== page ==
Building a CI/CD pipeline for a containerized Asp.Net Core 3.0 Web API

To close on the Asp.Net Core 3.0 Web API series I just published a video on how to build a CI/CD pipeline to fully automate the deployment of a Web API docker container to AKS. Here it is:

In this one you will learn:

  • How to push your project files to a GitHub repository and how to show its build status
  • How to create a yaml based Azure Pipeline to continuously build and publish the container image
  • How to use the same pipeline to continuously deploy the container image to AKS
  • How to use Azure Pipelines Environments to get the state and history of deployments

I hope this series has been useful and, as always, please leave me a comment here or in the video with any feedback, which is highly appreciated.

Enjoy!

Deploying an Asp.Net Core 3.0 Web API on AKS

Last week I published a video on how to deploy an Asp.Net Core 3.0 Web API to a local Kubernetes cluster. This week I thought I would move one step forward and show how to deploy the same Web API container to Azure Kubernetes Service (AKS). So here you go:

In this new video you will learn:

  • How to create a container registry and an AKS cluster
  • How to push your Web API container to a container registry
  • How to generate Kubernetes yaml files to describe your deployment and service using Visual Studio Code
  • How to deploy your Web API container to AKS

Please leave me a comment here or in the video itself about any feedback you might have on this video.

Enjoy!

Deploying an Asp.Net Core 3.0 Web API on Kubernetes

As a follow up from last week’s video on Containerizing an ASP.NET Core 3.0 Web API here for a step by step on how to deploy an Asp.Net Core 3.0 Web API on a local Kubernetes cluster:

In this new video you will learn:

  • How to enable a local Kubernetes cluster in your box
  • How to add Kubernetes files to describe your web API deployment using Visual Studio Code
  • How to deploy your containerized Asp.Net Core Web API to Kubernetes

Again, please let me know your thoughts on this video, either here or in the video comments section. All feedback is very appreciated.

More videos coming soon!

Containerizing an Asp.Net Core 3.0 Web API

It’s been ages since I wrote anything here, but recently I decided it’s time I start sharing a few of the things I have learned in the past few years. Also, since .NET Core 3.0 just got released today and since I’ve been working with containers for a while I thought it would be appropriate to start with a video on how to containerize an Asp.Net Core 3.0 app, specifically a Web API type of app since that’s what I’ve mostly been using for building microservices. So here it is:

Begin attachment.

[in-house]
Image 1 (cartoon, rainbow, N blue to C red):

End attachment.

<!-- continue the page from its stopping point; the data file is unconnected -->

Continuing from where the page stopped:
There I talk about:
• How to create an Asp.Net Core 3.0 Web API project
• How to add Docker artifacts with Visual Studio Code, including the generation of the Dockerfile
• How to build and run the Asp.Net Core project as a Docker container

Let me know your thoughts on this video, either here or in the video comments section. Would appreciate all feedback to incorporate it in future upcoming videos.

Cheers!

Julio

Translator is now a Universal App

Just about a week ago it seemed like the most popular of my apps was my Desktop Translator, which was a Silverlight Out Of Browser (OOB) app. However, since Silverlight does not seem to play very well with Edge, the default browser in Windows 10, people was struggling with installing the app. At that point I also had a Translator for Windows 8 and a Translator for Windows Phone 8. So, it seemed like a good opportunity to try out the Windows Universal platform and make my life easier along the way.

And here is the result:

Get it now for Windows 10 here (and probably with the same link for Windows Phone 10 when it becomes available).

I didn’t quite have time to add new features to this universal version of the Translator. However I did add the capability for translating the text as you type it. I thought that could be handy.

Besides the fact that all the app source code now lives in a single place (which is already cool) I like the fact that I can keep offering a Windows 8 only version and a Windows Phone 8.1 only version under the same umbrella in the Store:

Keeping the Windows 8 and Windows Phone 8.1 versions alive is important for people that has not made the move to Windows 10 yet. This because universal apps won’t work on anything before Windows 10. And nicely the Store is very kind of offering me appropriate links for people on each platform:

And interestingly, the Windows 8.1 URL would work even for Windows 10 people, which is great!

It has been a long way for this little app since releasing it as a gadget for the Windows Vista sidebar. Who knows what will come next!